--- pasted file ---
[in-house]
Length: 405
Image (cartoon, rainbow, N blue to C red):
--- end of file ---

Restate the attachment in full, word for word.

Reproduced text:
[in-house]
Length: 405
Image (cartoon, rainbow, N blue to C red):